Parliament - The migrant labour system on many South African mines should be done away with, Deputy President Kgalema Motlanthe said on Wednesday.
The underlying social determinant of the ongoing unrest on mines, beginning with the tragedy at Marikana, was no doubt the migrant labour system itself, he told the National Assembly during question time.
"And if there is one good thing that must result out of this whole painful saga, it is the elimination of the migrant labour system. And I believe it is possible to eliminate it," he said.
First and foremost, the mining companies should allow workers to return to their homes elsewhere more often.
The parties concerned needed to determine the details between themselves, but for example, workers could work for four weeks and then have two weeks off to go home.
This would ensure the "notion of [where] home [is] should be clear to all".
Currently, with the migrant labour system, workers were separated from their families and loved ones for 12 months at a time and only went home at the end of the year for a week or two.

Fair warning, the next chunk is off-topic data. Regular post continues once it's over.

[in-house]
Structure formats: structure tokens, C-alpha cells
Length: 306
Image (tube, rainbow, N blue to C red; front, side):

"That should be happening at regular intervals of not more than five or six weeks of absence," he said.
At the same time, the government would have to ensure the workers' home areas were provided with basic infrastructure and proper amenities.
Motlanthe said the migrant labour system had contributed to deepening rural poverty and had had dire consequences for the dependants of the migrant workers, notably women and children.
Some of the consequences include broken families, limited access to education for children and lack of work opportunities for women, who often were solely dependent on remittances from men working in towns and cities.